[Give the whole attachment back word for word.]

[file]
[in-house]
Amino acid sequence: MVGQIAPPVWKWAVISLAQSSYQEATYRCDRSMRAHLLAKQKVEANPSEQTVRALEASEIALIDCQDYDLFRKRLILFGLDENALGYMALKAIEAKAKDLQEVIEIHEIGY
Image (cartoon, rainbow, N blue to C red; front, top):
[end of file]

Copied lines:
[in-house]
Amino acid sequence: MVGQIAPPVWKWAVISLAQSSYQEATYRCDRSMRAHLLAKQKVEANPSEQTVRALEASEIALIDCQDYDLFRKRLILFGLDENALGYMALKAIEAKAKDLQEVIEIHEIGY
Image (cartoon, rainbow, N blue to C red; front, top):